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1. The Royal Indian Hospital of Mexico
2. An economic impact study of Arizona
3. Church and State Education in
4. Desert Cities: The Environmental
5. Collaborating at the Trowel's
6. People of the Mesa: The Archaeology
7. La Calle: Spatial Conflicts and
8. The Mexican Border Cities: Landscape
9. Polities and Power: Archaeological
10. Dancing Gods: Indian Ceremonials
11. City of Phoenix traffic safety
12. A study of city-wide citizen participation
13. Gridbusters, urban design in low
14. The Borders Within: Encounters
15. Breaking Into the Current: Boatwomen
16. Peyote: The Divine Cactus
17. Inheriting the Past: The Making
18. The Royal Indian Hospital of Mexico
19. The impact of federal aid on the
20. A study of the characteristics

1. The Royal Indian Hospital of Mexico City (Special studies - Center for Latin American Studies, Arizona State University)
by David A Howard
 Unknown Binding: 99 Pages (1980)

Isbn: 0879180455
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2. An economic impact study of Arizona State University West Campus on the west valley (Working paper series / Arizona State University West Campus Business Programs)
by Philip J Mizzi
 Unknown Binding: Pages (1989)

Asin: B0007220T0
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3. Church and State Education in Revolutionary Mexico City
by Patience A. Schell
Hardcover: 253 Pages (2003-10-01)
list price: US$55.00 -- used & new: US$44.00
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Asin: 0816521980
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Examines primary, vocational, private, and parochial education in Mexico City from 1917 to 1926 and shows how it was affected by the relations between the revolutionary state and the Roman Catholic Church.One of the first books to look at revolutionary programs in the capital immediately after the Revolution, it describes how government social reform and Catholic social action overlapped and identifies clear points of convergence while also offering vivid descriptions of everyday life in revolutionary Mexico City. ... Read more

4. Desert Cities: The Environmental History of Phoenix and Tucson (Pittsburgh Hist Urban Environ)
by Michael F. Logan
Hardcover: 240 Pages (2006-10-28)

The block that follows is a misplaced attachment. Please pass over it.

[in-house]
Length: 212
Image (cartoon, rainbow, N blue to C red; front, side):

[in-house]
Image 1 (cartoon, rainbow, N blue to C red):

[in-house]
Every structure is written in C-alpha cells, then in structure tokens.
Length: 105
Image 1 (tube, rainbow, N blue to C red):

list price: US$29.95 -- used & new: US$25.12
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Asin: 0822942941
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Phoenix is known as the "Valley of the Sun," while Tucson is referred to as "The Old Pueblo." These nicknames epitomize the difference in the public's perception of each city. Phoenix continues to sprawl as one of America's largest and fastest-growing cities. Tucson has witnessed a slower rate of growth, and has only one quarter of Phoenix's population. This was not always the case. Prior to 1920, Tucson had a larger population. How did two cities, with such close physical proximity and similar natural environments develop so differently?

Desert Cities examines the environmental circumstances that led to the starkly divergent growth of these two cities. Michael Logan traces this significant imbalance to two main factors: water resources and cultural differences. Both cities began as agricultural communities. Phoenix had the advantage of a larger water supply, the Salt River, which has four and one half times the volume of Tucson's Santa Cruz River. Because Phoenix had a larger river, it received federal assistance in the early twentieth century for the Salt River project, which provided water storage facilities. Tucson received no federal aid. Moreover, a significant cultural difference existed. Tucson, though it became a U.S. possession in 1853, always had a sizable Hispanic population. Phoenix was settled in the 1870s by Anglo pioneers who brought their visions of landscape development and commerce with them.

By examining the factors of watershed, culture, ethnicity, terrain, political favoritism, economic development, and history, Desert Cities offers a comprehensive evaluation that illuminates the causes of growth disparity in two major southwestern cities and provides a model for the study of bi-city resource competition. ... Read more

5. Collaborating at the Trowel's Edge: Teaching and Learning in Indigenous Archaeology (Amerind Studies in Archaeology)
Paperback: 288 Pages (2008-12-15)
list price: US$35.00 -- used & new: US$30.40
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Asin: 0816528004
Average Customer Review: 4.0 out of 5 stars